WASHINGTON — Zachys, a 73-year-old fine wine retailer, wine auction house and personal wine storage company has opened a D.C. outpost.
The family-owned company’s new, 20,000-square-foot operations center is located at 3521 V St. NE, and includes a showroom, event space and a fully refrigerated, temperature-controlled storage warehouse for its customers’ personal wine storage, called Zachys Storage D.C.
Don’t most serious oenophiles have their own, serious wine storage setups at home? Probably, but Zachys president Jeff Zacharia — the family name for which the business is named — says often times, it’s not enough.
“Most have some space at home to store fine wines, either through wine refrigerators or a cellar, but often those cellars simply can’t handle the volumes of wine that they end up purchasing,” Zacharia told WTOP.
“Wine should be kept at about 55 degrees,” he said, which is what its secure storage warehouse guarantees, even in D.C.’s sweltering summers.
The “white glove” personal wine storage service is roughly $5 per case, and includes full-service intake and inventory of customer wines. Customers also can arrange for pickup and delivery.
The D.C. Zachys location sells fine wines and hosts wine seminars and tastings, as well as wine auctions.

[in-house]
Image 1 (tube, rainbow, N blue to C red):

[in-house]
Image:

That doesn’t mean outrageously priced wine, though it can.
“We sell fine wines anywhere from $15 up to $150 or $200 or more per bottle,” Zacharia said. “We can give you advice on the wines you want for a party or a dinner or if you’re looking to collect and expand your wine knowledge.”
Personal wine tastings aren’t intended for walk-in customers. Reservations are encouraged, though Zacharia says it can almost always accommodate call-ahead appointments.
The D.C. location is Zachys first expansion outside of New York — where it has called Westchester County home since 1944 — in its more than seven decades of business. It operates a 45,000-square-foot storage facility in White Plains and a 4,000-square-foot storefront in Scarsdale.
Why the District?
“There is so much love and passion around food and wine, we thought it was a great market to be in. There is so much energy, there are so many great restaurants, there are so many people who are expanding their wine knowledge that it just seemed a great place to go after New York,” Zacharia said.
The location, near the Northeast District line off New York Avenue just east of the Ivy City neighborhood is the epicenter of D.C.’s craft brewer and distiller community, but not an area associated with fine and vintage wines.
The company spent six months searching for space to lease in the District, and settled on its choice for what it calls a growing an exciting area, and where it could find the space for the storage and events that it wants to do.
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